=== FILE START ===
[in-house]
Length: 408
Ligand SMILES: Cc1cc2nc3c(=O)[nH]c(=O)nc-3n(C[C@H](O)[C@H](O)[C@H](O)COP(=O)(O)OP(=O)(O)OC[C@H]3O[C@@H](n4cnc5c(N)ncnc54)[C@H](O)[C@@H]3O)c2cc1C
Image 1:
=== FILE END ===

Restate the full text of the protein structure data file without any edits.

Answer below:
[in-house]
Length: 408
Ligand SMILES: Cc1cc2nc3c(=O)[nH]c(=O)nc-3n(C[C@H](O)[C@H](O)[C@H](O)COP(=O)(O)OP(=O)(O)OC[C@H]3O[C@@H](n4cnc5c(N)ncnc54)[C@H](O)[C@@H]3O)c2cc1C
Image 1: